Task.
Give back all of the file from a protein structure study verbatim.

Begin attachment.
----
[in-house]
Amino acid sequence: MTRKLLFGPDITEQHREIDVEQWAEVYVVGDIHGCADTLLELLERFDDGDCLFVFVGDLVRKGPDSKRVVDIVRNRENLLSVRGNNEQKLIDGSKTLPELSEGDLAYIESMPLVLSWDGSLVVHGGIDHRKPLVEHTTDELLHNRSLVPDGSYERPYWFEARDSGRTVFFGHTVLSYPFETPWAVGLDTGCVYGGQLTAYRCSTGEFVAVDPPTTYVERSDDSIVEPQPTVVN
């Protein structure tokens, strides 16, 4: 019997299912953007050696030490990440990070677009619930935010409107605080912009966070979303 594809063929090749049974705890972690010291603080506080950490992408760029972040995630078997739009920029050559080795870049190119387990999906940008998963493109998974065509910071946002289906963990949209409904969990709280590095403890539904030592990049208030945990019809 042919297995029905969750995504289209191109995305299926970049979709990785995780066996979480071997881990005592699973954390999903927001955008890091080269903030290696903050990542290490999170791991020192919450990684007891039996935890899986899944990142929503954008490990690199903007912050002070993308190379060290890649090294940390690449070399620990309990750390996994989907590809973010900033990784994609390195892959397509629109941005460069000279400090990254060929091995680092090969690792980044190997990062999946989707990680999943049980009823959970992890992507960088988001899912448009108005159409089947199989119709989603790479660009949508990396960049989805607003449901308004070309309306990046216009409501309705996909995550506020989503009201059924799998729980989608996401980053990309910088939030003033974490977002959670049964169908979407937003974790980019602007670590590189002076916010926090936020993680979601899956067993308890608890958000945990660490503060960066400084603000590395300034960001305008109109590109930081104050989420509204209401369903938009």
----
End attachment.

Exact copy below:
[in-house]
Amino acid sequence: MTRKLLFGPDITEQHREIDVEQWAEVYVVGDIHGCADTLLELLERFDDGDCLFVFVGDLVRKGPDSKRVVDIVRNRENLLSVRGNNEQKLIDGSKTLPELSEGDLAYIESMPLVLSWDGSLVVHGGIDHRKPLVEHTTDELLHNRSLVPDGSYERPYWFEARDSGRTVFFGHTVLSYPFETPWAVGLDTGCVYGGQLTAYRCSTGEFVAVDPPTTYVERSDDSIVEPQPTVVN
């Protein structure tokens, strides 16, 4: 019997299912953007050696030490990440990070677009619930935010409107605080912009966070979303 594809063929090749049974705890972690010291603080506080950490992408760029972040995630078997739009920029050559080795870049190119387990999906940008998963493109998974065509910071946002289906963990949209409904969990709280590095403890539904030592990049208030945990019809 042919297995029905969750995504289209191109995305299926970049979709990785995780066996979480071997881990005592699973954390999903927001955008890091080269903030290696903050990542290490999170791991020192919450990684007891039996935890899986899944990142929503954008490990690199903007912050002070993308190379060290890649090294940390690449070399620990309990750390996994989907590809973010900033990784994609390195892959397509629109941005460069000279400090990254060929091995680092090969690792980044190997990062999946989707990680999943049980009823959970992890992507960088988001899912448009108005159409089947199989119709989603790479660009949508990396960049989805607003449901308004070309309306990046216009409501309705996909995550506020989503009201059924799998729980989608996401980053990309910088939030003033974490977002959670049964169908979407937003974790980019602007670590590189002076916010926090936020993680979601899956067993308890608890958000945990660490503060960066400084603000590395300034960001305008109109590109930081104050989420509204209401369903938009």